Of course, what the hell do I know about presidential candidates? I cover zoning controversies and PTA hair-pulling fights. But I must tell you, I have done some research that has only ratcheted up my sense of unease over my most favored candidate for the highest office in the land.
It turns out Southern accents are an issue. All kinds of bloggists, pundits and other whiz-bangs have been writing about how no Democrat who does not have a Southern accent can get elected president. This maxim seems to have originated with Victor Davis Hanson of the Hoover Institute, who wrote an article a year ago in which he said, "No Democratic presidential candidate has been elected without a Southern accent in the half-century since 1960."
Hanson is greatly admired by conservative writers who have called him "potential heir to Stephen Ambrose as America's laureate of military history." He is not admired by liberal writers, who have called him "bard of the booboisie" and "the worst historian since Parson Weems."
But the point is, three months after Hanson said a Democrat has to have a Southern accent to win election, a writer in New York magazine repeated it as accepted wisdom. And there you have it. Now all the smart people are talking about it. One writer recently even said pointedly that Hillary Clinton would be wise to "get a Southern accent."
Get a Southern accent? What? You don't geta Southern accent. You especially don't gita Texas accent.
A few years ago, Dianne Markley at the University of North Texas did a study of job applicants in Texas and the effect that a regional accent may have on hiring decisions. She came up with a number of interesting findings, but the issue I talked to her about last week was Yankees who try to talk Texas.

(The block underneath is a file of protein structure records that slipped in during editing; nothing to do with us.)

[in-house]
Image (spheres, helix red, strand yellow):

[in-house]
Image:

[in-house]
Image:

She said basically it's bad. And nobody really ever gets away with it.
"It's a pretty universal reaction," she said. "If you live and work among the people in a region and assimilate that accent, that is acceptable. If you come in from the outside and try to fake it, that is quite negative."
Markley didn't mean just in Texas, and she wasn't talking about Hillary. She meant people everywhere.
"A native speaker can pick up on a non-native accent within syllables," she said. "And pretty universally people don't like it when others try to fake it."
This thing wouldn't bother me so much if I already didn't like Hillary. But I do. I watch her on TV whenever she's on. I went back on the Internet and found a show I saw a couple weeks ago that Hillary did with Cynthia McFadden, co-anchor of Nightline on ABC. They were in Upstate New York. Most of the show was sit-down one-on-one blah-blah between the two women, but a few shots were sandwiched in between of Hillary out on the campaign trail meeting real people.
"Do you live nearby?" I heard her ask a lady.
Mmm, straight-up Yankee talk so far, if you ask me.
McFadden asked her if she felt she had made a mistake by voting for the war in Iraq.